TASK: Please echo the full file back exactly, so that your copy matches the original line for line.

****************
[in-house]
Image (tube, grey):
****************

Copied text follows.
[in-house]
Image (tube, grey):